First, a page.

Here’s a popular Ukrainian schoolyard taunt that Marcin had told me as we drove across the border. “Your mother is so old she learned Russian at school.” 


On my last night in Lviv, I made my way through the drizzle, and the now familiar wail of the air raid siren. My destination was a small dance studio, one of a few that has not become a dormitory for refugees. As I pushed open the door, the strains of a tango broke the damp silence. Inside, a small group of women were practicing their moves with two men too old to be on the front lines. Legs hooked around legs, hands settled in the soft indentations of the back. A lady in gold lamé heels was being led by a handsome gent with a ring in his left ear, a fine mustache, and a moon-shaped face. 

My destination was a small dance studio, one of a few that has not become a dormitory for refugees.

It was in Warsaw, en route to Ukraine, when I heard about Lviv’s rich tango scene, from an austere looking young man, on the train from the airport. His name was Joshua Von t’Hoff, and he was there from the Netherlands, to attend a tango event. As I was heading to Lviv, he suggested that I connect with the tango “community” there, one of the most vigorous tango scenes in Europe, he said. So I did, spending an afternoon in the back of an Italian restaurant with a group of seven women and a lone man who gathered regularly to drink wine, swap news, and talk shop. Among so many people, conversation was difficult and choppy and often had to be translated, but listening to my recording of that afternoon what I enjoy is the cross-talk, the laughter, the clang of silverware. There was something irrepressible about the dancers and their stories of the Remolino, Lviv’s annual tango contest—Europe’s largest—that had turned their city into a magnet for tango pilgrims. Ten days of non-stop dancing. Although none of those in the restaurant had danced since before the war, there was optimism that might soon change. “We believe we will dance again by summer,” one woman declared to much vigorous nodding. There were eyewitness reports that the dance stage outside Café Diana in Rynok Square was being built again.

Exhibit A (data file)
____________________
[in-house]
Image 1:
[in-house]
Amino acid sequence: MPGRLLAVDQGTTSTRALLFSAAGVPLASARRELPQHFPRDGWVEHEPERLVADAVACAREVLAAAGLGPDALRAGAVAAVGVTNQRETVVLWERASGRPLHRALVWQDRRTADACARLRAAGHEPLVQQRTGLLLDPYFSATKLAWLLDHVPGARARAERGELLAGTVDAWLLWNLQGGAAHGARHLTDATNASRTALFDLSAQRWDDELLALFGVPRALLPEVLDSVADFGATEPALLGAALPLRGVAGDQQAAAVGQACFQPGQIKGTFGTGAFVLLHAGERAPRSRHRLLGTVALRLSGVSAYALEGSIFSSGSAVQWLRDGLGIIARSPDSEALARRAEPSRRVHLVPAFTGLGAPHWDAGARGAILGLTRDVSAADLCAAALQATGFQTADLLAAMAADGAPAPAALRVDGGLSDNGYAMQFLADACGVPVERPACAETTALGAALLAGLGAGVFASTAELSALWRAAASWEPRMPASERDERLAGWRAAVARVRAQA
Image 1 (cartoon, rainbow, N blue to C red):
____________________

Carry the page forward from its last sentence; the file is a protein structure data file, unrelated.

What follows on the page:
How did tango come to Lviv? The question seemed to have as many answers as there were dancers in that restaurant. I was told its roots go back a hundred years, to Jewish musicians between the wars, tango kings like Artur Gold and Jerzy Petersburski. You can hear Petersburski’s The Last Sunday, or the “suicide tango,” in Krzysztof Kie´slowski’s movie, White.

Europe’s Jewish tango scene expired in the flames of the Holocaust (Petersburski had the foresight to flee to Brazil; Artur Gold, tragically, did not), but it echoed after the war, on Polish radio, where the old melodies remained popular, and accessible to those living in Lviv. But what brought tango roaring back to the city was independence and tourism, and a man called Viktor Danyluk, an Argentinian professional dancer drawn to Lviv in search of his family roots. He stayed just one month, but it was long enough. Tango was back. Danyluk’s name is now invoked as something of a legend.

People react with surprise when I tell them that I met with tango dancers in Lviv, but is it so unusual? The Warsaw ghetto had a symphony orchestra, five theaters, chamber groups, choirs and cafés. During the Blitz in London, trains continued to operate, teashops were open. Milkmen made their rounds, blithely scrambling over collapsed houses to deliver milk. There were dances. These, of course, are the stories of resilience we need during war, the Blitz spirit that has an echo in Ukraine today. As it happens, the dancers in the restaurant didn’t have to wait until summer. In May, I received a text message from a friend with a short film she’d recorded on her phone. It shows tango dancers, back in Rynok Square, some in long winter coats, some wrapped in the Ukrainian flag. Two children, perhaps ten or eleven years old, swirl around the square in full evening dress. A small orchestra plays alongside a slow, sad tango with six or seven couples moving gracefully across the granite square as the trumpets unfurl. Then the  camera settles on a woman at the edge of the square, dancing solo with an invisible partner–three steps forward, one back, then forward again, a gesture of such tender poignancy that it took my breath away.